The Look of Silence – Because it’s the follow up from Joshua Oppenheimer to 2013’s The Act of Killing.

Stray Dog – Because we’ve all been waiting for Debra Granik’s follow-up to Winter’s Bone, and even though most of us were probably not expecting her to make a documentary next, I’ll take it.

Summer Movie Preview: May

Oh, summer movies. The summer movie season is never as thrillingly spectacular to me as it is to some, but it always seems much better in comparison to the January-April void we’ve just endured. It officially (?) kicks off in just a few days, so here’s my preview of the first month of summer (?) at the cineplex: May!

May 4

Hmm…what’s that little indie flick called? Oh, that’s right.
The Avengers. Buzz has already reached a fever pitch (especially if you’re a Tom Hiddleston fan who uses Tumblr), and positive reviews are only confirming the fact that The Avengers will be the most awesomely epic film of
ALL TIME. If you’re curious (you’re not) about what my favourite pre-Avengers Avengers movie is, it’s Thor.

However, if you hate superheroes and love old people, you’ll still have something to see this weekend, because The Best Exotic Marigold Hotel opens in limited release. I saw this trailer at every damn movie I went to in the past four months (what does that say about the movies I go to see?) and while the movie looks significantly less charming on my fifth viewing of the trailer, Bill Nighy has yet to stop charming me. Also opening in limited release is the dreadful-looking Miley Cyrus romp LOL, the dreadful-looking Kate Hudson romp A Little Bit of Heaven (Gael Garcia Bernal, what are you doing???), and the misleadingly titled slasher flick Mother’s Day.

May 11

I had heard people mock the Dark Shadows trailer for weeks before I actually watched it myself, but after finally being forced to endure the preview at the theatre, I have to say that this movie looks…strange. Johnny Depp has considerable charm, sure, but I’m not sure who this movie is marketed towards. The Twilight set? Middle-aged women? Teenage boys? I don’t know. These Burton/Depp collaborations always seem to do well, though, and this one probably will, too. We’ll see if it’s actually any good.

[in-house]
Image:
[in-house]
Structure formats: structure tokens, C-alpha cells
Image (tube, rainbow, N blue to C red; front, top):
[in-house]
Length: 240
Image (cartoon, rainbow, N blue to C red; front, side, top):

A whole whack of movies come out in limited release this week, so I’ll just mention two that look interesting to me. First is A Bag of Hammers. This drama stars Jason Ritter and Rebecca Hall (both of whom I like quite a bit) but the main appeal for me is the soundtrack, which was done by British folk artist Johnny Flynn. If you haven’t checked out Flynn’s music, you should do so. The other movie is Tonight You’re Mine, which is a romantic comedy that came out in the UK last year under the title You Again. It stars Natalia Tena (Tonks!) and Luke Treadaway (who I thought was very charming in Attack the Block) as two musicians who get handcuffed together at a music festival they’re both supposed to perform at. Could be cheesy, could be fun. Could be both.

May 18

Battleship might already be the most derided film of the summer, and in a couple of short weeks, we’ll get to see if it’s as bad as basic logic would suggest. Look, I loved Taylor Kitsch on Friday Night Lights, but this blockbuster action star role doesn’t seem to suit him terribly well. Liam Neeson, though.

Also out this week is the Sacha Baron Cohen comedy The Dictator (May 16). I’m not totally sold on him doing a mostly scripted comedy as one of his farcical characters (for me, the most interesting part of Borat was watching Regular Folks react to his outlandish behaviour), but I’d be glad to be proven wrong. Anna Faris, John C. Reilly, and Ben Kingsley give me more hope.

I think I know exactly what to expect from What to Expect When You’re Expecting. Sophmoric humour that ham-fistedly reinforces gender stereotypes, perhaps? There are some talented and funny people in this cast, certainly. But also a lot of really, really annoying ones.